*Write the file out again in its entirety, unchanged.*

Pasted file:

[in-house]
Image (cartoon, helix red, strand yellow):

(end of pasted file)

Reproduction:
[in-house]
Image (cartoon, helix red, strand yellow):